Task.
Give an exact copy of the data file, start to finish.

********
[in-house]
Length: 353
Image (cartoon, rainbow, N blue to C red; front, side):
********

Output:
[in-house]
Length: 353
Image (cartoon, rainbow, N blue to C red; front, side):